Monday, October 20, 2014

Mathematical Thinking Reflections: Week Three

As I continue down the path of Coursera's Mathematical Thinking Course, I am cognizant of my role as a learner.

The course is both exhilarating and challenging for me.

The course is exhilarating because it is is introducing me to mathematical language and thought that I can easily transfer to my 5th grade classroom to better our math talk and learning. I like the rich infusion of modeling and thought that I'm exposed to and struggle with in the course.

What is frustrating is the fact that I need more time to do a really good job on this course.  I would have to devote a good 10 hours a week to really dig in and relearn a lot of foundation math that would help me to better grasp the deeper details of the course. I can feel my brain coming close to grasping all the concepts, but the fact that my foundation needs strengthening is making it difficult for me to grasp the course with the detail I'd like.

This course had helped me to identify many important questions with regard to math teaching and learning:
  • Do professional learning efforts for elementary school math teachers include too much time on pedagogy versus developing a deep foundation of mathematical knowledge, concept, and skill?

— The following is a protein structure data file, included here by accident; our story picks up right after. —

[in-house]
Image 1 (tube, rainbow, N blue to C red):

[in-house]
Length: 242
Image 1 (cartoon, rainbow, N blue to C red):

• Do we give math teachers enough time to strengthen their foundation skills, assess their teaching, and develop craft? 
  • Do expectations for teachers include too many tasks that take the focus away from learning? 
  • Do we ask the right questions and focus on the best topics when we work together to develop our math teaching and learning?
The Mathematical Thinking course is opening my mind. I am learning about new ways to discuss, teach, and learn math as well as developing a thirst for more math education. In fact, I don't really want to go back to a general elementary classroom role again as I do think we've moved past the strength of that model for the upper elementary school students, students who are ready for more dynamic programs related to specific interdisciplinary topics. For example, the synthesis of math/science learning integrated with application of reading/writing skills is a terrific model for grade 5, a model that profits from the fact that my partner teacher is devoted to teaching English language arts skills, concept, and knowledge and social studies. This model allows us to continue to integrate subjects without calling us to be all things to the students--the specialization seems just right for our overall objectives for fifth graders.

I will continue to participate in the Mathematical Thinking course. I'll listen to the lectures, attempt the problem sets, and apply the new language and thinking to my fifth grade program in ways that help students think about and discuss the 5th grade math standards with greater detail and depth.  I'll also look for more opportunities to think deeply and learn about math--a subject that I'm delighted to learn more about.